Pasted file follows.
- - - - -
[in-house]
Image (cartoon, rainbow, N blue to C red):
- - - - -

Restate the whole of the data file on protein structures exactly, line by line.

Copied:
[in-house]
Image (cartoon, rainbow, N blue to C red):